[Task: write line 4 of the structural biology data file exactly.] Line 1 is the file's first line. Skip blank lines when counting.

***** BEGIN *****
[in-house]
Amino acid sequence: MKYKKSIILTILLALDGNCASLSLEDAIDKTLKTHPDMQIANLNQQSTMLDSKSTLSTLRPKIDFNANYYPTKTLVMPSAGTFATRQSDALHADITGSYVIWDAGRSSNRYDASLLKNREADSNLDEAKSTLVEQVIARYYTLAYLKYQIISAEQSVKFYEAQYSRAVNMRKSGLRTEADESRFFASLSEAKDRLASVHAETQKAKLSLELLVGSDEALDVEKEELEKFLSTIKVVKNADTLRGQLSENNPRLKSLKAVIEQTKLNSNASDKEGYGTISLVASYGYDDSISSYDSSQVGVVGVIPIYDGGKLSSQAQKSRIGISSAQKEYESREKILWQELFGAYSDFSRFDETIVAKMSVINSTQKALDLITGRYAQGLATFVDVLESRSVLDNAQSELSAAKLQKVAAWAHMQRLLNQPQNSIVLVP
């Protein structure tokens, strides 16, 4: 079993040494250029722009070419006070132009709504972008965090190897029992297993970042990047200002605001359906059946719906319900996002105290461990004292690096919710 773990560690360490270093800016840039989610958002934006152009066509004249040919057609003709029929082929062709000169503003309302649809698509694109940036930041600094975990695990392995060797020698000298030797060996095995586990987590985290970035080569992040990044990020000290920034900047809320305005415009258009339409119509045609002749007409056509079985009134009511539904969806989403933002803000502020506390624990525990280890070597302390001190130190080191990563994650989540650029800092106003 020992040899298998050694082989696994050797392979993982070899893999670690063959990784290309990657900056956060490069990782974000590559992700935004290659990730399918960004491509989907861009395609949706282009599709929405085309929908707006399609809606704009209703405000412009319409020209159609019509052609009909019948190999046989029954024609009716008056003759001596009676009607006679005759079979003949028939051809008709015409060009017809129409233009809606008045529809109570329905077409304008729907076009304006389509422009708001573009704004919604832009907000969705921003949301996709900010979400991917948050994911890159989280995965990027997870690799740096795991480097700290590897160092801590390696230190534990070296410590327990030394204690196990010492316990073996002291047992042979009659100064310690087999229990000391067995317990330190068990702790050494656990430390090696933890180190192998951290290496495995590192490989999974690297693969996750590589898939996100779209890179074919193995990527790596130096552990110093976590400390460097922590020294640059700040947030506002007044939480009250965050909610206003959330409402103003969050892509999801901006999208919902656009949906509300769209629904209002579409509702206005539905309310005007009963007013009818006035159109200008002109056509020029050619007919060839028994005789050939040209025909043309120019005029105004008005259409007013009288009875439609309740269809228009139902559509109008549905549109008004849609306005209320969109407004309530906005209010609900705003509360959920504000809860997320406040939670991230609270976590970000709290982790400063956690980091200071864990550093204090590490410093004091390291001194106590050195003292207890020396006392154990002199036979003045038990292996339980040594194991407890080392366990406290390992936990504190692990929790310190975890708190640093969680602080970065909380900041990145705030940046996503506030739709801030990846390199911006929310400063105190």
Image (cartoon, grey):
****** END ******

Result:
Image (cartoon, grey):